Wilkerson’s allies and the grassroots conservative made numerous parliamentary objections. After 1 hour and 15 minutes of the meeting, the only things accomplished were that the CEC voted to recognize four Precinct Chairs whom the CEC had appointed at a validly-called meeting on August 7, 2018. The vote on recognizing those Precinct Chairs as validly-appointed was 44 to 29. During the debate on whether to recognize those four appointed Precinct Chairs, Quentin Smith, a conservative Republican who happens to be African-American, rose and asked “Are you taking away my right to vote?”
Wilkerson responded, “Yes.” Fortunately, Wilkerson and his allies lost that vote that would have disenfranchised validly-appointed conservative Republicans.
Wilkerson made a major mistake during the meeting when he acknowledged that “we’re bound by both the Texas Election Code and the Party Bylaws.” Wilkerson has attempted to argue through his attorneys that he and the Montgomery County Republican Party are not subject to the provisions of Texas election law or the Texas Election Code.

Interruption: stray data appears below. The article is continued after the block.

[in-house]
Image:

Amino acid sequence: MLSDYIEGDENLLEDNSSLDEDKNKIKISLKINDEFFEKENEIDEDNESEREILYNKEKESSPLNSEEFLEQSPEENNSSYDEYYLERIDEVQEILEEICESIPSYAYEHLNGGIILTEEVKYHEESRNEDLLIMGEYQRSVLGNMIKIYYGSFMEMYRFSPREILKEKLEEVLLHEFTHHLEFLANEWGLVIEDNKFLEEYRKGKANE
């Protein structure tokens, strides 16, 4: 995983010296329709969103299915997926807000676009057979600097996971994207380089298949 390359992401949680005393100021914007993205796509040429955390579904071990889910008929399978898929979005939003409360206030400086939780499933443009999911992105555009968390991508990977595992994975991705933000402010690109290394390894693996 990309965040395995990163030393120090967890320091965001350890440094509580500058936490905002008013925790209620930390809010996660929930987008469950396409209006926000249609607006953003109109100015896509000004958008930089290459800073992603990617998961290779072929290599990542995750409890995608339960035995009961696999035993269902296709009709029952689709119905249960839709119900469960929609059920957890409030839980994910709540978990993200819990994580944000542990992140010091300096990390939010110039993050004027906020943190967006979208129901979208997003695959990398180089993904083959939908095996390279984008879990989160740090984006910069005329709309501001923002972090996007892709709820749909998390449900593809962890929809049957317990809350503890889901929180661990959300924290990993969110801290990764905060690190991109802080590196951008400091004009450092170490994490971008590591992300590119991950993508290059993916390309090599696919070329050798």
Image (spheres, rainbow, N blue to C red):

Soon after Wilkerson’s blunder, the County Executive Committee voted 41 to 31 not to permit Wilkerson’s choice for his own parliamentarian to participate in the meeting. At that point, Clark abruptly got up and left the meeting.
The major turning point against Wilkerson during the meeting came when the CEC finally got around to approving an agenda for the meeting. The CEC approved an agenda for the meeting that didn’t include Wilkerson attempting to appoint his own officers and committees in violation of the Party’s Bylaws. That vote was a standing vote of approximately 50 to 20 against Wilkerson.